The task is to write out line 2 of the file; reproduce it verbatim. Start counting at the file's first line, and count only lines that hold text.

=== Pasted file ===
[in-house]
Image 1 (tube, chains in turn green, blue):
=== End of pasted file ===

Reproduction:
Image 1 (tube, chains in turn green, blue):